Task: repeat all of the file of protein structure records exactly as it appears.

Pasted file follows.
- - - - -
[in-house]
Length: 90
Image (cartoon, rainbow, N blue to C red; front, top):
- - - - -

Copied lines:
[in-house]
Length: 90
Image (cartoon, rainbow, N blue to C red; front, top):